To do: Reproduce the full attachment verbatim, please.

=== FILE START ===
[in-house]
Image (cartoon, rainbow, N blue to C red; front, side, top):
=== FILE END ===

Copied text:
[in-house]
Image (cartoon, rainbow, N blue to C red; front, side, top):